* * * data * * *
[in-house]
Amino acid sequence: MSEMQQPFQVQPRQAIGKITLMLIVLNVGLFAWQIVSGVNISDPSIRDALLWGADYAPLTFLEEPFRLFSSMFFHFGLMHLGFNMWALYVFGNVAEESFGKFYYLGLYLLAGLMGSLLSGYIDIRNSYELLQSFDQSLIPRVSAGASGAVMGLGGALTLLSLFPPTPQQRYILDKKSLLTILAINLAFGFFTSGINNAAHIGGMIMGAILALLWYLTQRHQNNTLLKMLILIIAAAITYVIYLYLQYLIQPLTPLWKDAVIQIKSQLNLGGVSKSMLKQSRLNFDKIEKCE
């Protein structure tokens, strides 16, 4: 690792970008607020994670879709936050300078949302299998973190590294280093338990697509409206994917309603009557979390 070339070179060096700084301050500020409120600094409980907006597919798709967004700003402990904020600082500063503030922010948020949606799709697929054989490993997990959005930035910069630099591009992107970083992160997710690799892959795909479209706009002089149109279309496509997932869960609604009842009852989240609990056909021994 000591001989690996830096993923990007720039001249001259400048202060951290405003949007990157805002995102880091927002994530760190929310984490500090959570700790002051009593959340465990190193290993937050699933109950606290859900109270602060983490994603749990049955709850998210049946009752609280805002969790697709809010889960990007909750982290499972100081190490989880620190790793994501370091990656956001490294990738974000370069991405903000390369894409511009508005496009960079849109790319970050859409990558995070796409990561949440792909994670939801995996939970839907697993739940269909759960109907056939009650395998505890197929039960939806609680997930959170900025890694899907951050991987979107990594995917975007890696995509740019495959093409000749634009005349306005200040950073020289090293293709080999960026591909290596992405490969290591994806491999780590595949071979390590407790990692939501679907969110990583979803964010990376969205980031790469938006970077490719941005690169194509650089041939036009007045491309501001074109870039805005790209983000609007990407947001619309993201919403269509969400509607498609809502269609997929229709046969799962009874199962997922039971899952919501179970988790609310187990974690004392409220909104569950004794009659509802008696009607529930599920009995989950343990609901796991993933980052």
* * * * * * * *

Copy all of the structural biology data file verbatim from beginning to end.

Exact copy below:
[in-house]
Amino acid sequence: MSEMQQPFQVQPRQAIGKITLMLIVLNVGLFAWQIVSGVNISDPSIRDALLWGADYAPLTFLEEPFRLFSSMFFHFGLMHLGFNMWALYVFGNVAEESFGKFYYLGLYLLAGLMGSLLSGYIDIRNSYELLQSFDQSLIPRVSAGASGAVMGLGGALTLLSLFPPTPQQRYILDKKSLLTILAINLAFGFFTSGINNAAHIGGMIMGAILALLWYLTQRHQNNTLLKMLILIIAAAITYVIYLYLQYLIQPLTPLWKDAVIQIKSQLNLGGVSKSMLKQSRLNFDKIEKCE
């Protein structure tokens, strides 16, 4: 690792970008607020994670879709936050300078949302299998973190590294280093338990697509409206994917309603009557979390 070339070179060096700084301050500020409120600094409980907006597919798709967004700003402990904020600082500063503030922010948020949606799709697929054989490993997990959005930035910069630099591009992107970083992160997710690799892959795909479209706009002089149109279309496509997932869960609604009842009852989240609990056909021994 000591001989690996830096993923990007720039001249001259400048202060951290405003949007990157805002995102880091927002994530760190929310984490500090959570700790002051009593959340465990190193290993937050699933109950606290859900109270602060983490994603749990049955709850998210049946009752609280805002969790697709809010889960990007909750982290499972100081190490989880620190790793994501370091990656956001490294990738974000370069991405903000390369894409511009508005496009960079849109790319970050859409990558995070796409990561949440792909994670939801995996939970839907697993739940269909759960109907056939009650395998505890197929039960939806609680997930959170900025890694899907951050991987979107990594995917975007890696995509740019495959093409000749634009005349306005200040950073020289090293293709080999960026591909290596992405490969290591994806491999780590595949071979390590407790990692939501679907969110990583979803964010990376969205980031790469938006970077490719941005690169194509650089041939036009007045491309501001074109870039805005790209983000609007990407947001619309993201919403269509969400509607498609809502269609997929229709046969799962009874199962997922039971899952919501179970988790609310187990974690004392409220909104569950004794009659509802008696009607529930599920009995989950343990609901796991993933980052």